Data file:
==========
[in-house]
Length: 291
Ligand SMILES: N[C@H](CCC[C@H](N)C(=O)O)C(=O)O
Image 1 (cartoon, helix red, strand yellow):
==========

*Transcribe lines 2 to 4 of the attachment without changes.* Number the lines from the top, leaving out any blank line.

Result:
Length: 291
Ligand SMILES: N[C@H](CCC[C@H](N)C(=O)O)C(=O)O
Image 1 (cartoon, helix red, strand yellow):